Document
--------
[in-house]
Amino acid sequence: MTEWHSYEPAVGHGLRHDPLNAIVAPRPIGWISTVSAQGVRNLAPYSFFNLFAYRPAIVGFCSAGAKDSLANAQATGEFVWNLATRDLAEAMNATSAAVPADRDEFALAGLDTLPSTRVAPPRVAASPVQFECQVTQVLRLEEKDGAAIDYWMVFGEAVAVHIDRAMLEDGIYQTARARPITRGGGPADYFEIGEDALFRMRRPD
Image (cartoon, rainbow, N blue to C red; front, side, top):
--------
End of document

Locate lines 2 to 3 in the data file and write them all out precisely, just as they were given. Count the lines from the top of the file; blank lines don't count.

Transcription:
Amino acid sequence: MTEWHSYEPAVGHGLRHDPLNAIVAPRPIGWISTVSAQGVRNLAPYSFFNLFAYRPAIVGFCSAGAKDSLANAQATGEFVWNLATRDLAEAMNATSAAVPADRDEFALAGLDTLPSTRVAPPRVAASPVQFECQVTQVLRLEEKDGAAIDYWMVFGEAVAVHIDRAMLEDGIYQTARARPITRGGGPADYFEIGEDALFRMRRPD
Image (cartoon, rainbow, N blue to C red; front, side, top):